Adverbs are supposed to modify verbs, adjectives or other adverbs. Generally they do not so much modify as nullify, mystify, stultify and nearly always dissatisfy.

The easiest way to make an adverb is to take an adjective and add -ly to the end of it. You thereby hybridize briskness with something less moving and confusing. I have always seen -ly words as court words. Lawyers use them a lot. They are waxy and escapist.

I recently heard a politician (and a lawyer use the word allegedly. I thought to myself: Exactly what does the ambiguous word really say? It is like the words comfortably, notably, seemingly, apparently, surprisingly, etc. Such words are fuzz balls in speech, sermons in particular.

I also never have believed much in adjectives; they rate only slightly higher than adverbs with me. As adverbs tend to end in -ly, adjectives tend to end in -al, -tive or -ory. Let us take the word expository for instance. This is a very key -ory adjective that when applied to preaching supposedly is supportive of its stronger noun form exposition. Therefore, the word expository should have something to do with exposing the truth of God’s Word; but in many cases the adjective form is so pleasing because it gilds the bearer with an affirmation for just about any preaching style.

Expository is a darling adjective ending that just about everybody claims. In Evangelical circles, to say, “I believe in expository preaching!” is the equivalent of saying the Apostle’s Creed in an Episcopal gathering. On the other hand, to say, “I don’t believe in expository preaching” is the equivalent of saying, “I am a member of the A.C.L.U,” in a Baptist gathering. So just about every preacher I know claims to be an expository preacher, even if the statement is not sincere—even if his or her preaching style is to read a verse of Scripture and immediately leave the verse to major on opinion or irrelevant illustrations.

Topical on the other hand is an -al adjective despised by the -ory people. The topical preachers see the -al ending as their particular ending, which makes the Word relevant, while the -ory-ending people see their word as courageous and honest. The extremist -ories sometimes see the word expository as a command to go through the Bible verse by verse, ignoring the seasons of the sermon. Advent disappears, because they started preaching through the Book of Daniel in September, and by December you’re just now getting down to the prophetic fireworks of the book. You secretly would like to rebuke the choir for doing its Christmas music just when you’re getting into Gog and Magog.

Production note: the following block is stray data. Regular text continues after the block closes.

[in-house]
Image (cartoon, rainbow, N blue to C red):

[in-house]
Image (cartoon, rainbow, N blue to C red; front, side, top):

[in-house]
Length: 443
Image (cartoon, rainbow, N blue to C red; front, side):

Easter fares a little better than Advent, because most preachers (whether expository or topical) tend to celebrate the Resurrection; but Lent as a word has very little -ory respect because it comes from a word that only means “spring” and therefore has very little to commend it biblically. Once Easter is out of the way, the -ories can get back to their two-year focus on Leviticus.

D.A. Carson tried to help bridge this wide -ory—-al gap by proposing yet another adjective: topositional. This coinage has a lot going for it. It allows a merger of the two adjectives by a new one, which always has appealed to me. The topositional preacher is one who tries to bridge the -ory—-al divide with a bit of common sense. The topositional preacher is free to consult a lectionary, figure out how to preach to the seasons of our lives and meet the specific needs for the congregation and develop sermons with expository force that keeps the Bible central while also paying attention to the specific needs of the church during the times and seasons of the church year.

There are plenty of other -al adjectives that have come to modify sermons: premillennial, liturgical, liberal, traditional, not to mention a host of -ic adjectives (Calvinistic, classic, frenetic, prosaic, poetic, impolitic, lunatic). Overall, good sermons—maybe even great ones—come from good sensible preachers, who avoid any of the pigeon holes each of these adjectives denote.

Perhaps we are only mature as preachers when our yea is “yea” and nay is “nay.” Truth is a good noun to work on, as is evangelism, baptism, worship and integrity. These are great substantives on which to build the piers of ministry and preaching (two other good nouns). When these firm words come to define our lives, maybe we can play around less with the adjectives and wily adverbs. Ever notice how nounsy and verbsy the fourth gospel is:
“In the beginning was the Word, and the Word was with God, and the Word was God. He was with God in the beginning. Through Him all things were made without Him was anything made that has been made.”

So the text continues for nine verses with only three adjectives; but then, those were the delightful days when the founders of our faith apparently were stuck on the big ideas—ideas so big that only nouns would suffice for preachers who were out to change the world.

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